Eight residents have been evicted, including four about two weeks ago, for not living up to their tenancy contracts.

“We have seen a calming down in the last couple of weeks,” Samuels said.

Also, while some of the problems for the Day’s Inn and other businesses have been caused by residents of Heath House, there is also a history of transients in the nearby area of Leathhead, Highway 97 and the Rail Trail.

For example, it was not unusual for the city to remove four to five campsites a day along the Rail Trail corridor last summer, Andrew Hunsberger, the City of Kelowna’s urban forestry supervisor told iNFOnews.ca in April.

Those camps were there even before Hearthstone opened a couple of blocks to the west of Heath House in October.

That facility is operated by the John Howard Society and got rave reviews from That Pottery Place owner Bonnie Worsdall, whose business is directly across the street. She gave hand-made coffee mugs to all the residents when it opened.

“We do see a few more people walking around,” Worsdall said this week. “On the plus side, I’ve met quite a few staff who walk around two or three times a day making sure there is no garbage or people hanging around.”

The picture is not quite as rosy at Helmut’s Sausage Kitchen, midway between the two sites on the west side of Highway 97.

They do get people loitering in the bistro and some will tag-team to distract staff while a second person steals food, said an employee who did not want her name used. She can’t say for sure that these problems are caused by residents of either facility, but theft has increased in the last six or seven months.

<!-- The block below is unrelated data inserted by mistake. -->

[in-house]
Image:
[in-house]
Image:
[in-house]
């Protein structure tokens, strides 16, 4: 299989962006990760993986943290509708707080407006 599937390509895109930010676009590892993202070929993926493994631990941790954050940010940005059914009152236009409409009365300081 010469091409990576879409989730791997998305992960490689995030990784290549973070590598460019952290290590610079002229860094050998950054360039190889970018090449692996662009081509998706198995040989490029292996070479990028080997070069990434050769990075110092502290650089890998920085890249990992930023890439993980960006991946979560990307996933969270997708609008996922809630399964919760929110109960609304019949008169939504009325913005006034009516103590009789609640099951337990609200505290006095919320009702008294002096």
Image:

With the strong opposition and petition campaign against the McCurdy facility – which the Mental Health Association will run - it’s incumbent on them to improve the situation in the Heath House neighbourhood.

“We know that, sometimes, when this type of housing is put into a neighbourhood, neighbours are concerned,” Samuels said. “Sometimes it has to do with us making sure they have the right information, that they hear us, see us and know that we want this to go well. It doesn’t serve us, as an organization, to have our housing residents acting inappropriately and doing bad things in the neighbourhood and making residents feel unsafe. As operators and as an organization, that’s not who we are.”

They've started doing their own neighbourhood patrols around Heath House, they check registration numbers on all bikes brought into the site with the RCMP to make sure they're not stolen and started collecting names of people living near the McCurdy Road site who want to sit on a community consultation committee.

Sekhon, at the Day’s Inn, did say that things had improved, but only after hiring their own security. Even if the problems ease, she’s still facing a backlash on social media sites that are giving her motel bad reviews.

“People are not coming back because they don’t feel safe,” she said.

Jaywalking across six lanes of Highway 97 is common with supportive housing at Heath House right on the highway and Hearthstone a couple of blocks away on the other side.
Jaywalking across six lanes of Highway 97 is common with supportive housing at Heath House right on the highway and Hearthstone a couple of blocks away on the other side.

To contact a reporter for this story, email Rob Munro or call 250-808-0143 or email the editor. You can also submit photos, videos or news tips to the newsroom and be entered to win a monthly prize draw.